PSD2 – what does it mean for you?
PSD2, the Payment Services Directive 2, came into force on 13 January 2018. What is it and together with Open Banking how will it change the payments landscape for corporate and retail banks…
What is Payment Services Directive 2?
PSD2 is the new legislation centred on payment services within the European Union. The new legislation is aimed at increasing competition in the payments market, as well as improving the security and transparency of payments. In practice, it is expected that the directive will revolutionise the way the payments system in the EU works by creating tremendous opportunities for third parties such as FinTechs, merchants and online retailers in the way they collect payments from the customers. The ‘disruption’ caused by PSD2 will create threats for the long established players in the payments market, but brings opportunities to innovate and alter strategy for both corporate and retail banks alike. It might not seem so relevant for existing customer bases, but it will be embraced by Millennials and those that follow.
Some of the implications
The main change is that PSD2 is creating a level playing field for third parties processing payments or accessing the financial information of customers. The regulation has introduced two main types of third parties: account information service providers (AISP) and payment information service providers (PISP). Put simply, AISPs will be able to access and aggregate a customer’s financial data across different banks through the bank APIs. At the same time, PISPs will be allowed under PSD2 to initiate payments directly from a client’s bank account to the merchant avoiding banks and card schemes as intermediaries. This will work equally across large cash management pools and working capital transactions for businesses as it will for individual consumers in the retail environment.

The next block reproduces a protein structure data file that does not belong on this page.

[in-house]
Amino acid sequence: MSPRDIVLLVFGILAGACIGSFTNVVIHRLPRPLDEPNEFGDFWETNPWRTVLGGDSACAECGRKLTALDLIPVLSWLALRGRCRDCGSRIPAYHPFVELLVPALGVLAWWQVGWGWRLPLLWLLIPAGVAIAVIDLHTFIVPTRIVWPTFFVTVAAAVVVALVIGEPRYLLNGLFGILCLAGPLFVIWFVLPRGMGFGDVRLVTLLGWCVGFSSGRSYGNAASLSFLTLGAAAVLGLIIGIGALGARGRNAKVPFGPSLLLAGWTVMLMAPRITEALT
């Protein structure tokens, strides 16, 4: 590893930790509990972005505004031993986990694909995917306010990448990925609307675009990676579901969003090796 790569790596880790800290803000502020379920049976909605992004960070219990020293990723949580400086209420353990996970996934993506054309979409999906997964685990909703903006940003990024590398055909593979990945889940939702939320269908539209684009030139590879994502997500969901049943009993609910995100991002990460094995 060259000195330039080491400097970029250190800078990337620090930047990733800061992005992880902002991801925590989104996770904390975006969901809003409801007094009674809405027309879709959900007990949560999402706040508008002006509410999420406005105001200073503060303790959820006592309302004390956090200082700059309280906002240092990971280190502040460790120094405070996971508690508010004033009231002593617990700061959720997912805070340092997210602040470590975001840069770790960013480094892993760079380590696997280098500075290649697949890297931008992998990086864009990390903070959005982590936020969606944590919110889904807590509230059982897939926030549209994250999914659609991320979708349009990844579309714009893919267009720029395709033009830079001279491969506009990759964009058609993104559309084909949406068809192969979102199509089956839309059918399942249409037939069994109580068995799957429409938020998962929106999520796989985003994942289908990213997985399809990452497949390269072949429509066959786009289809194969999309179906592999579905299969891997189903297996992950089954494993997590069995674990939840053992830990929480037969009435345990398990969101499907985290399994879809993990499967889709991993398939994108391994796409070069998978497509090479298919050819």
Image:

Who will be able to take advantage of the changes brought in by the directive?
Online retailers, merchants, accounting platforms, FinTechs and banks are expected to take advantage of the new regulation. Consider the following scenario: becoming an AISP and a PISP can allow a challenger bank, to combine a client’s data across their multiple current accounts in various banks through the APIs and perform payment transactions on their behalf as a PISP, without the need to set up their own current account or e-money account. This will reduce costs for the business without losing the customer value proposition. It would also provide a client with the opportunity to ‘rate chase’; having the rates of various banks available to them in one snapshot at any time would enable bulk payments or pooling of cash to be undertaken at the most cost-effective price. Online merchants can benefit significantly from the new payments structure. By becoming a PISP the online retailer will be able to route its online transactions directly from a customers’ bank account to its bank account, avoiding intermediary costs.
The new regulation creates a range of security issues, especially in relation to the way third parties will handle sensitive customer financial data. In order to resolve the arising issues, Regulatory Technical Standards on strong customer identification and secure communication will be implemented by September 2019, as confirmed by the European Commission.
- Have you defined your PSD2 strategy?
- Are you compliant with the legislation on PSD2?
- What have you done to address the technical implications; do you have appropriate APIs in place?
If you need more guidance on the application or compliance of PSD2, or to discuss how you can take advantage of the new regulations to drive revenue and determine your organisation’s strategies, please get in touch with us.